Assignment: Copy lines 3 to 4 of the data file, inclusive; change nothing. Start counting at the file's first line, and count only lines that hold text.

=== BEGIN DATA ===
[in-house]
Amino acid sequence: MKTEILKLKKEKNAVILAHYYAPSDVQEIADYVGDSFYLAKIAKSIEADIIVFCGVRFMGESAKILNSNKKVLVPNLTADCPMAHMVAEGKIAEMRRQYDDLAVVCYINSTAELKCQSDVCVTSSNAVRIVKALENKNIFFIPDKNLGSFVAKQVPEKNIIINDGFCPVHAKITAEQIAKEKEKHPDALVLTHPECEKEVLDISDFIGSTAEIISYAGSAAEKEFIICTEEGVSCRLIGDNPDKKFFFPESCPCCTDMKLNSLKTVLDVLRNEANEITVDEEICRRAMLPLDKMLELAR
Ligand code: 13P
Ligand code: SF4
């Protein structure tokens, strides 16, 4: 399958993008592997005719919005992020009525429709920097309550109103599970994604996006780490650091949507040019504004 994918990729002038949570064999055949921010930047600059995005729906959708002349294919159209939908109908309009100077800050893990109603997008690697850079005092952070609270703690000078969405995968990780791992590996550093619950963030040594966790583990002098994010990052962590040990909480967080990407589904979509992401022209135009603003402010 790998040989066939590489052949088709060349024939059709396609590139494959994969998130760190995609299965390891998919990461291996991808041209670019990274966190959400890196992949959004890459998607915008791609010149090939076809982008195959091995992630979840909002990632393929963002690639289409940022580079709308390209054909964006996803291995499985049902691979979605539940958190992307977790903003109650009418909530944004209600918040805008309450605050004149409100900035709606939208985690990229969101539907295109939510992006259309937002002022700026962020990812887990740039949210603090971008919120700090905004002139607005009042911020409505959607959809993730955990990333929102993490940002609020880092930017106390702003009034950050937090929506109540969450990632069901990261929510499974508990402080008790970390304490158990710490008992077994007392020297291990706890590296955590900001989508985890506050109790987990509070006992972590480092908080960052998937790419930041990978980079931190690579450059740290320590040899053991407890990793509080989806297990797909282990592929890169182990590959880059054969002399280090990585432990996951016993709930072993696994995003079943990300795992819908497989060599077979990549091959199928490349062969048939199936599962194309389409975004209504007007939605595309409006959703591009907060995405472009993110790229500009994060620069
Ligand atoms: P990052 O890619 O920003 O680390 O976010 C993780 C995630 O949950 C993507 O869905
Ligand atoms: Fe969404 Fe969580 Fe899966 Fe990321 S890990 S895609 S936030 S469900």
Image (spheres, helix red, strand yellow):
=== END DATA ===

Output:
Ligand code: 13P
Ligand code: SF4